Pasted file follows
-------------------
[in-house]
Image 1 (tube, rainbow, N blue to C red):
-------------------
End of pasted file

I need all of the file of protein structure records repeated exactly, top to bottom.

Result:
[in-house]
Image 1 (tube, rainbow, N blue to C red):